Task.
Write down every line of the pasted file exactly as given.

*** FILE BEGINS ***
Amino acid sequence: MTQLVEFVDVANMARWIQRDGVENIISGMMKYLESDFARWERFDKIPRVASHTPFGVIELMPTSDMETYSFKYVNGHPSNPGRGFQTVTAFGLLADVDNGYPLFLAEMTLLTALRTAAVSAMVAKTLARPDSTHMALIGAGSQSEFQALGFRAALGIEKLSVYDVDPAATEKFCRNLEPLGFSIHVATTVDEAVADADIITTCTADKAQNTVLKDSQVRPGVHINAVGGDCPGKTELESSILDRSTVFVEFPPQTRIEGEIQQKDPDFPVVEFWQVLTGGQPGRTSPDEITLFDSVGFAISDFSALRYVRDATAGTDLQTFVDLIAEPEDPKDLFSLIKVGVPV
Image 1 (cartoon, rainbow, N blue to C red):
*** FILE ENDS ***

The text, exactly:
Amino acid sequence: MTQLVEFVDVANMARWIQRDGVENIISGMMKYLESDFARWERFDKIPRVASHTPFGVIELMPTSDMETYSFKYVNGHPSNPGRGFQTVTAFGLLADVDNGYPLFLAEMTLLTALRTAAVSAMVAKTLARPDSTHMALIGAGSQSEFQALGFRAALGIEKLSVYDVDPAATEKFCRNLEPLGFSIHVATTVDEAVADADIITTCTADKAQNTVLKDSQVRPGVHINAVGGDCPGKTELESSILDRSTVFVEFPPQTRIEGEIQQKDPDFPVVEFWQVLTGGQPGRTSPDEITLFDSVGFAISDFSALRYVRDATAGTDLQTFVDLIAEPEDPKDLFSLIKVGVPV
Image 1 (cartoon, rainbow, N blue to C red):